The Disappearing Farmer

Jack Ketner
SAC 1985.03

oil on canvas

1983

48 x 48 inches

122 x 122 centimeters

about the work

Ostensibly, The Disappearing Farmer is a meditation on the statement  made in its title; a statement which is especially poignant in the  south, where historically agricultural areas have given way, over the  last century, to various forms of industrialization, urbanization, and  general decay. But the relatively straightforward sentiment of The  Disappearing Farmer’s title is complicated by details the artist has  painted into the fore- and back-ground. The title The Disappearing  Farmer brings to mind the tradition of idealization and eulogy that the  disappearing rural South has enjoyed for over a century…in painting,  literature, poetry, film, and other artforms the idea of the “Old South”  has appeared innumerable times. In these depictions, it usually takes  an almost mythic form – altogether more congenial, preferable, orderly,  and elegant than the South Americans now inhabit. It is surprising then,  that although Ketner references this tradition he doesn’t engage with its usual visual trappings. 


The farmer Ketner paints, far from seeming  noble, heroic, or elegant, as the archetypical farmer usually does in  such art, seems mostly rather humble, quaint, and decidedly modern as  well.  This leads one to ask what sort of statement Ketner is really making. Is  he coming to the defense of the disappearing farmer, or just  documenting him as he is? More questions are raised by the multitude of  broken and damaged objects depicted in the background. If Ketner were  glorifying or eulogizing the farmer, why paint him in what appears to be  a junkyard? Even the trees are missing branches and leaves…only the  farmer appears unschathed. Is Ketner’s approach satirical, in that he  represents the farmer as an anachronism at the end of his usefulness,  wherein the destroyed objects in the background foreshadow the future of  his way of life? Or does his cheerfulness and wholeness amid the broken  tools and objects surrounding his home symbolize his power of  endurance, suggesting that he will outlast our age of urbanization?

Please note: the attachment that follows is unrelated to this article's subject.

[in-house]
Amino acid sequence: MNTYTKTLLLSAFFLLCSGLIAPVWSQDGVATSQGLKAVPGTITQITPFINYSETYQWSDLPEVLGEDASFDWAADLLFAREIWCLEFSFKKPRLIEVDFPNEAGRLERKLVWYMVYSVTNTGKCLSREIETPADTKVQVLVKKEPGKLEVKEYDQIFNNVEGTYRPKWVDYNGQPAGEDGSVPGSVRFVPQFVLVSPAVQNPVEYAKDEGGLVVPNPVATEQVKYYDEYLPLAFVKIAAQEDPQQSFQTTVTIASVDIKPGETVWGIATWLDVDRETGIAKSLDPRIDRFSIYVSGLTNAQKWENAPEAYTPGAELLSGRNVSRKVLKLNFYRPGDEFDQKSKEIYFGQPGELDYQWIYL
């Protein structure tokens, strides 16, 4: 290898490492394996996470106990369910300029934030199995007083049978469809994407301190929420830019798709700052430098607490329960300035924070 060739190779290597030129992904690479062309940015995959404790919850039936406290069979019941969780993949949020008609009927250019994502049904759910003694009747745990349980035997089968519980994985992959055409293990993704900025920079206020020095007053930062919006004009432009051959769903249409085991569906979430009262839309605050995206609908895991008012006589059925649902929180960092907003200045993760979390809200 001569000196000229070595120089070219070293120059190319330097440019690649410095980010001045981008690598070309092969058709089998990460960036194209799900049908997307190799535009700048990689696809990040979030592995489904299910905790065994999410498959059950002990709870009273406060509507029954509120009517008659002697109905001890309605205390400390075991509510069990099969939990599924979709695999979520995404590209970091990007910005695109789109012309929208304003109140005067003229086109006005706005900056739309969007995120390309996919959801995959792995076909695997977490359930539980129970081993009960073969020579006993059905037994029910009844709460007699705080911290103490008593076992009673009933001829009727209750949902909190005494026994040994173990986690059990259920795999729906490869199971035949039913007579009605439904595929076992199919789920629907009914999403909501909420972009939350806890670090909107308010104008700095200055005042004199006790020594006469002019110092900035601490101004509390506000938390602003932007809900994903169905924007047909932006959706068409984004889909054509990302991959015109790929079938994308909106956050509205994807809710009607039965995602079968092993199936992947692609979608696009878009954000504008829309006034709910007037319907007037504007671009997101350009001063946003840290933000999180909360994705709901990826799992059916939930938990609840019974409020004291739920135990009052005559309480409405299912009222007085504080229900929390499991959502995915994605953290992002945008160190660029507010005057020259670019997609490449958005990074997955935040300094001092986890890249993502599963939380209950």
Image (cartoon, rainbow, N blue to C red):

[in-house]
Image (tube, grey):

Sometimes artists don’t provide a set of clues in their work that can be  used to formulate one definitive explanation, defying easy  interpretation. In these works, the viewer is challenged to create their  own understanding of the artist’s intentions. Thus, one might say that  the fate of The Disappearing Farmer is left up to the viewer, just as  the fate of the real disappearing farmer depends upon our collective  habits of consumption and environmental assiduity.

about the artist

From a biographical perspective, we know little about Jack Ketner. He  has lived and worked in North Carolina since at least 1983, and was  represented by New Elements Gallery in the past. SAM acquired The  Disappearing Farmer by purchase in 1983, following Ketner winning best-in-show for another of his paintings in a juried show underwritten  by the museum in the same year.